President Joe Biden made a presidential visit to the Fort Worth VA Clinic in southeast Fort Worth on Tuesday.
The president made the trip to the clinic “to speak with veterans, caregivers and survivors about addressing the health effects of environmental exposures such as burn pits,” according to a White House news release.
At the VA Clinic, Biden was briefed on the veterans' primary care and specialty health services. He also delivered remarks at the nearby Tarrant County Resource Connection about “expanding access to health care and benefits for veterans effected by environmental exposures,” the White House release said.
Burn pits, which were used extensively in Iraq and Afghanistan to dispose of tires, batteries, medical waste and other materials, have been a recent focus for Biden. In his State of the Union speech last week, Biden said his son, Beau, who died of cancer, may have been among the many veterans who suffered from toxic exposure injuries from the burn pits.
Last week, the U.S. House approved a bill that would dramatically boost health care services and disability benefits for veterans who were exposed to the burn pits. If passed into law, it would increase spending by more than $300 billion over the next decade, according to the Congressional Budget Office.
Locals greet Biden
Among the Fort Worth residents who greeted Biden upon his arrival:
Zachary Briseno. The Fort Worth Police Department officer is the second known double amputee to become a police officer in the U.S. On his second tour in November 2007, Cpl. Briseno was riding in a Humvee in Fallujah when an IED detonated directly beneath his seat, blowing off his legs. Briseno graduated from the Fort Worth Police Academy on Dec. 11, 2020.
Vester Owens. The World War II veteran was born in South Carolina and drafted into the Army at age 19. He fought on the beaches of Normandy on D-Day. Owens transitioned to the U.S. Air Force, retiring after 27 years of service and made Texas his home. The retired businessman owned what is believed to be the first Black-owned vending company in Tarrant County. A tremendous advocate of upward mobility, Owens loves to share how he has sponsored a huge number of family members to relocate to Texas, scholarships for others to attend Texas colleges and universities or to make Texas their home.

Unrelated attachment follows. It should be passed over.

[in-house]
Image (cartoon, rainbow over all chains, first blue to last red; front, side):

Elizabeth Beck. The Fort Worth City Councilmember graduated from high school and joined the U.S. Army Reserves, where she spent eight and a half years in the 223rd Maintenance Company based in Grand Prairie. In 2005, she deployed as a sergeant to Taji, Iraq, in support of Operation Iraqi Freedom. Beck was elected to the Fort Worth City Council in June 2021 and serves District 9, which includes downtown Fort Worth.
Opal Lee. The Grandmother of Juneteenth is a retired Fort Worth ISD teacher and counselor and an activist in the movement to make Juneteenth a federally recognized holiday. Lee campaigned for the holiday by leading a 2.5-mile walk each year, representing the 2.5 years it took for news of the Emancipation Proclamation to reach Texas. In 2016, at age 89, she conducted a symbolic walk from Fort Worth to Washington, D.C. On June 17, 2021, Biden signed Senate Bill S. 475 making Juneteenth the 11th federal holiday. In February, 33 members of Congress, led by Congressman Marc Veasey, signed a letter nominating Lee for the 2022 Nobel Peace Prize.
Brad Hunstable. Linear Labs was founded by Brad Hunstable in 2014 with his father, Fred Hunstable. Linear Labs created an electric motor that operates more efficiently, costs less to manufacture and can be used in cars, scooters, robotics, wind turbines and more. Brad is also the co-founder and former CEO of UStream, which was sold to IBM in 2016 for $150 million. Ustream was born when the founders wanted a way for their friends in the Army, who were deployed overseas in Iraq during the war, to be able to communicate with their families back home. Hunstable served in various capacities around the world, working jobs both for the Army and the Department of Defense.